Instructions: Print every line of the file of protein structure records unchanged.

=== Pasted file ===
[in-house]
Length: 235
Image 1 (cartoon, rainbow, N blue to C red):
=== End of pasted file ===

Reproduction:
[in-house]
Length: 235
Image 1 (cartoon, rainbow, N blue to C red):